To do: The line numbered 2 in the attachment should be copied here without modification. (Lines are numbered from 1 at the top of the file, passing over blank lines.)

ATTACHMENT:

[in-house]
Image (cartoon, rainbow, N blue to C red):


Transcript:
Image (cartoon, rainbow, N blue to C red):